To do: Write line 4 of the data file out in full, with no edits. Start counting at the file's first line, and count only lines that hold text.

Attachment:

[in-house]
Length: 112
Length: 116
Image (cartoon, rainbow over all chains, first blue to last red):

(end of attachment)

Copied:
Image (cartoon, rainbow over all chains, first blue to last red):